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dc.contributor.authorLilic, Mirjana
dc.contributor.authorChen, James
dc.contributor.authorBoyaci, Hande
dc.contributor.authorBraffman, Nathaniel
dc.contributor.authorHubin, Elizabeth A
dc.contributor.authorHerrmann, Jennifer
dc.contributor.authorMüller, Rolf
dc.contributor.authorMooney, Rachel
dc.contributor.authorLandick, Robert
dc.contributor.authorDarst, Seth A
dc.contributor.authorCampbell, Elizabeth A
dc.date.accessioned2020-12-15T16:07:50Z
dc.date.available2020-12-15T16:07:50Z
dc.date.issued2020-11-16
dc.identifier.citationProc Natl Acad Sci U S A. 2020 Dec 1;117(48):30423-30432. doi: 10.1073/pnas.2013706117. Epub 2020 Nov.en_US
dc.identifier.pmid33199626
dc.identifier.doi10.1073/pnas.2013706117
dc.identifier.urihttp://hdl.handle.net/10033/622656
dc.description.abstractRifampicin (Rif) is a first-line therapeutic used to treat the infectious disease tuberculosis (TB), which is caused by the pathogen Mycobacterium tuberculosis (Mtb). The emergence of Rif-resistant (RifR) Mtb presents a need for new antibiotics. Rif targets the enzyme RNA polymerase (RNAP). Sorangicin A (Sor) is an unrelated inhibitor that binds in the Rif-binding pocket of RNAP. Sor inhibits a subset of RifR RNAPs, including the most prevalent clinical RifR RNAP substitution found in Mtb infected patients (S456>L of the β subunit). Here, we present structural and biochemical data demonstrating that Sor inhibits the wild-type Mtb RNAP by a similar mechanism as Rif: by preventing the translocation of very short RNAs. By contrast, Sor inhibits the RifR S456L enzyme at an earlier step, preventing the transition of a partially unwound promoter DNA intermediate to the fully opened DNA and blocking the template-strand DNA from reaching the active site in the RNAP catalytic center. By defining template-strand blocking as a mechanism for inhibition, we provide a mechanistic drug target in RNAP. Our finding that Sor inhibits the wild-type and mutant RNAPs through different mechanisms prompts future considerations for designing antibiotics against resistant targets. Also, we show that Sor has a better pharmacokinetic profile than Rif, making it a suitable starting molecule to design drugs to be used for the treatment of TB patients with comorbidities who require multiple medications.en_US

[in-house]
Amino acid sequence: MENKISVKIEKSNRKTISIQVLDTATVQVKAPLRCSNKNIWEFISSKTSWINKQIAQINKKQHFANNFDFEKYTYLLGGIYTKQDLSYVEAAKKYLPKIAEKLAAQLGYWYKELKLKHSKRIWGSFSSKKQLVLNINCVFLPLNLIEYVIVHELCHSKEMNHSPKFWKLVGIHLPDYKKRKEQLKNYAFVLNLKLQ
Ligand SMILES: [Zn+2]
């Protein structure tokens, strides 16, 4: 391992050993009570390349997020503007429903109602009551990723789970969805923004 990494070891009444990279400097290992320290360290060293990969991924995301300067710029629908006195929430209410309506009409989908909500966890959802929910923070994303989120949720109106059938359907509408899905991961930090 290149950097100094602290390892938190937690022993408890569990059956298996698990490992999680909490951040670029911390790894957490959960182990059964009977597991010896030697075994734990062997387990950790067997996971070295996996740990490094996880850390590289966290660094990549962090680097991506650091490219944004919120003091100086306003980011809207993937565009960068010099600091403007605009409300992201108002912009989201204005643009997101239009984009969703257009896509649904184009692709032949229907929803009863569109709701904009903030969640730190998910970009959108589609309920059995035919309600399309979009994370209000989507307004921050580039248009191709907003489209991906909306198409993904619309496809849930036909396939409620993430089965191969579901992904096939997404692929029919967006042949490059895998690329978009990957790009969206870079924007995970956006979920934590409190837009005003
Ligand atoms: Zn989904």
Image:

dc.language.isoenen_US
dc.publisherNational Academy of Sciencesen_US
dc.rightsAttribution-NonCommercial-ShareAlike 4.0 International*
dc.rights.urihttp://creativecommons.org/licenses/by-nc-sa/4.0/*
dc.subjectRNA polymeraseen_US
dc.subjectantibioticsen_US
dc.subjectcryo-electron microscopyen_US
dc.subjectmultidrug-resistant Mycobacterium tuberculosisen_US
dc.subjectsorangicin Aen_US
dc.titleThe antibiotic sorangicin A inhibits promoter DNA unwinding in a rifampicin-resistant RNA polymerase.en_US
dc.typeArticleen_US
dc.identifier.eissn1091-6490
dc.contributor.departmentHIPS, Helmholtz-Institut für Pharmazeutische Forschung Saarland, Universitätscampus E8.1 66123 Saarbrücken, Germany.en_US
dc.identifier.journalProceedings of the National Academy of Sciences of the United States of Americaen_US
dc.source.volume117
dc.source.issue48
dc.source.beginpage30423
dc.source.endpage30432
dc.source.journaltitleProceedings of the National Academy of Sciences of the United States of America
dc.source.countryUnited States


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